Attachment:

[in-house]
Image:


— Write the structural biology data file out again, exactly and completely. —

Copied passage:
[in-house]
Image: